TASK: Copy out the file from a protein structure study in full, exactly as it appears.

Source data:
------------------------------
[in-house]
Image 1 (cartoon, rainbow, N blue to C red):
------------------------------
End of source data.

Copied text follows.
[in-house]
Image 1 (cartoon, rainbow, N blue to C red):